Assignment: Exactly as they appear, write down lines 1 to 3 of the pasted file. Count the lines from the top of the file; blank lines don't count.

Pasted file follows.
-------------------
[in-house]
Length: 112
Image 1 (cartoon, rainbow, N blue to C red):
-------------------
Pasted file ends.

[in-house]
Length: 112
Image 1 (cartoon, rainbow, N blue to C red):